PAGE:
Census Bureau Releases State and County Data Depicting Nation

Census Bureau Releases State and County Data Depicting Nation’s Population Ahead of 2010 Census

From the press release:

Orange, Fla., joins the growing list of ‘majority-minority’ counties

Orange County, Fla., the nation’s 35th most populous county, is one of six counties to have become majority-minority between 2007 and 2008, according to state and county population estimates by age, sex, race and Hispanic origin released today by the U.S. Census Bureau. Majority-minority is defined as more than half the population being of a group other than single-race, non-Hispanic white.

Perhaps best known as home to Walt Disney World and Orlando, Orange County was slightly more than 50 percent minority in 2008, including 25 percent Hispanic and 22 percent black or African-American.

“These estimates paint a detailed portrait of our nation at the national, state and county levels ahead of next year’s 2010 Census,” said Census Bureau Acting Director Tom Mesenbourg.

Five other U.S. counties also became majority-minority in 2008 – Stanislaus, Calif.; Finney, Kan.; Warren, Miss.; Edwards, Texas; and Schleicher, Texas. Nearly 10 percent (309) of the nation’s 3,142 counties were majority-minority as of July 1, 2008 (of that total, 56 have become majority-minority since April 1, 2000).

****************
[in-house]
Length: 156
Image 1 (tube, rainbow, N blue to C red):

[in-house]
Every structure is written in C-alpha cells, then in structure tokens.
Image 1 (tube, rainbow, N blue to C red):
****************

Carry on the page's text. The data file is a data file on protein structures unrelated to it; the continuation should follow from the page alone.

Starr County, Texas, had the highest percentage minority population (98 percent), followed by two other Texas counties – Maverick (97 percent) and Webb (95 percent). The vast majority of the minority population in all three of these counties was Hispanic.

One county, Webster, Ga., was majority-minority in 2007 but not in 2008.

Four states were majority-minority in 2008: Hawaii (75 percent), New Mexico (58 percent), California (58 percent) and Texas (53 percent). The District of Columbia was 67 percent minority. No other state had more than a 43 percent minority population.

Detailed Tables

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